Northwestern University football players on scholarship are university employees and may unionize, a National Labor Relations Board hearing officer ruled on Wednesday.
The first-round legal victory by Northwestern players has the potential to shake up the world of big-time college sports. But the fight has just begun, as this is likely just the start of a long, arduous legal battle.
Still, the Northwestern football union ruling (attached below) is groundbreaking and could prove revolutionary.
NLRB regional director Peter Sung Ohr ruled that ex-Northwestern quarterback Kain Colter and current players are employees and entitled to form a union.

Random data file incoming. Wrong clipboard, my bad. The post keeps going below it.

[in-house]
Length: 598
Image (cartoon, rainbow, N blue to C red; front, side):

Universities have long argued -- successfully in court -- that athletes are not employees.
But Ohr disagreed, ruling Northwestern's players work between 20 and 50 hours per week and generate millions of dollars for their institutions. He illustrated how they perform services under a contract of hire (scholarship), subject to the other party's control (coaches) and in return for payment ($61,000 per academic year at Northwestern; $76,000 for those players who attend summer school).
Northwestern promptly announced it plans to take the case to the full NLRB in Washington.
"This is a landmark decision," William Gould IV, a former chairman of the NLRB, told the Chicago Tribune. "This is going to rattle the universe of universities."
The legal battle for compensating college athletes just began in earnest.